Pains and Pleasures of Data Analysis Part 3: On Identity Formation

So, the first round of the analysis of my first “ethical consumer case” is finished. While there is no doubt that I will return to this interview transcript many times, I have some preliminary insights to share. Lucy’s case proved to be a remarkably good empirical blueprint of many of the ideas constituting my theoretical framework. In particular, Archer’s notions of ultimate concern, moral project, reflexivity, and her accounts of human emotionality and internal conversation as being central to the development of distinct personal identities seem to be evidenced in Lucy’s story of becoming an ethical consumer. Below are my key points on formation of an ethical consumer identity which are essentially a synthesis of Archer’s the oretical ideas and the empirical evidence gathered from Lucy’s life story.


1. The first step towards attaining the ethical consumer identity is developing a concern over a cause that can be ad


dressed through ethical consumption. People may be sensitised to concerns in different ways, e.g. Lucy’s concern over animal life and welfare goes back to her personal experiences with captivated animals. Hards (2011) advances the following factors as potential instigators of the development of particular values: performance of practices, example setting, communities of practice as a site of value formation, and interaction with like-minded others as the driving force behind the reinforcement of values (Hards’ work on the evolution of environmental values is well worth checking out).

2. Emotional involvement is key to embracing a particular concern as ultimate and turning it into a moral commitment (since, as Archer would remind us, emotions are commentaries upon our concerns). Lucy’s story strongly backs up this argument as all the ethical turns in her consumption practice have been provoked by a surge of powerful emotions in response to the personal experiences of animal suffering (I wrote extensively about this in my previous post).

3. By determining our ultimate moral concerns we attain our distinct personal identities (as Archer contends, what we value and care about in life reflects the kind of persons we are). From this it follows that Lucy’s personal identity is defined by her concern over animal suffering. Indeed, consider her quote about factory farming: “And it is just not right, I can’t do that to animals, it’s just cruel”. The key point of this phrase is a sharp juxtaposition that Lucy makes between herself and the notion of cruelty. Taken to its logical completion, the quote would read: “And it is just not right, I can’t do that to animals, it’s just cruel, and I am not a cruel person”. Thus, Lucy’s ethical food commitment and its underlying concern over animal suffering is a reflection of her distinct personality which one could probably describe as compassionate, humane, committed to avoiding causing harm, etc.

4. Identity has not only be achieved, it must also be continuously sustained. In order to sustain a desired identity it is essential to constantly reassert our ultimate concerns and sustain our moral commitments. To reassert an ultimate concern means to prioritise and promote it over other competing concerns. To sustain a moral commitment means to ensure its continuity and consistency. Lucy’s story provides several illustrations of the direct relationship between the consistency and stability of our moral commitments and the continuity of our identities. One of the most telling examples is when she called herself a “total hypocrite” upon being introduced to the idea of veganism and realising that her consumption of dairy products is incongruent with the ethical principles she claimed to hold. The revealed inconsistency between her concerns and her actual practices had a profoundly destabilising effect on her sense of integrity, personal continuity and self-worth. Over the life course, however, Lucy sustained her ethical consumer identity by constantly reaffirming her ultimate concern over animal suffering and prioritising her ethical food commitment over other desires and needs, especially her health which has suffered a lot during prolonged periods of a nutrient-poor diet (Lucy used to live on a “bread and jam diet” as she hated cooking and vegetarian meals were not widely available in shops or restaurants back in the day).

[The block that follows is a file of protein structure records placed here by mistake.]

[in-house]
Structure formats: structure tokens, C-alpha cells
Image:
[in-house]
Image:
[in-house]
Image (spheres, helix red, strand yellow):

5. To ensure the continuity and consistency of our moral commitments we need to engage in internal conversations and exercise our property of reflexivity in order to accommodate our ultimate concerns within our given contextual circumstances. That Lucy engages in such reflexive conversations is evidenced in the fact that her ethical consumption practice does not remain stagnant but continues to change and evolve as Lucy refines her moral concerns (she went vegan three years ago) as well as adjusts her ethical commitments (she has recently started eating fish in order to improve her health). This suggests that she reflexively reviews and re-orders her hierarchy of priorities in order to work out a satisfying balance between her various concerns and achieve a fulfilling life.

These are the insights that Lucy’s case provided so far. I am looking forward to see whether the other participants’ stories will offer more support to this account or suggest some alternative explanations on how, that is through which inner workings and under which external conditions individuals become ethical consumers and what it takes to remain one.


Hards, S. (2011). Social practice and the evolution of personal environmental values. Environmental values, 20(1), 23-42.


One response to “Pains and Pleasures of Data Analysis Part 3: On Identity Formation

  1. Pingback: Defining ethical consumption: a consumer’s perspective | ediblematters·

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